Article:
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Birth control is free, it’s called abstinence

Because it was narrow-minded, Froma Harrop’s column on access to birth control and the conclusion that we have to assure that those who want it can get it was equally a waste of time for readers as it was a waste of paper by printing it.

Like her, I believe that all women should have equal access to birth control regardless of education level and/or economic class. But don’t they already – or is it only the educated and the rich who can grasp the understanding of abstinence? Perhaps Harrop failed to mention this avenue because she finds it to be unrealistic. Fine, but to write that the opposite to abstaining is somehow virtuous is very troubling.

Meanwhile, not much ink needs to be spilled over explaining the cost to abstain because everyone already knows it doesn’t cost a dime. So then, what is the real issue here: birth control or self control?

Give me a break with the so-called issue of the availability to birth control. The biggest obstacle that gets in our way and stops us every time is ourselves – not others, or events, circumstance, and the world around us. Isn’t it time that we accept responsibility and accountability? And wouldn’t then the application of prudence and temperance be the real virtues here?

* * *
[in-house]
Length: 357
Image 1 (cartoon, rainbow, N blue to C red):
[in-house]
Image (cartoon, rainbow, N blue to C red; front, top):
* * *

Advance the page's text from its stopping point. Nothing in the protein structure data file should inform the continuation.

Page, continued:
Until she is prepared to present the entire story, Harrop should never again write on this subject. Meanwhile, her regard for the well-being of others is noble, yet her neglecting to mention abstinence or to include how natural family planning is also already widely available, likewise free, and a very effective means to control births is as one-sided and careless as it is astonishing.

Ricky J. Warnes

Buffalo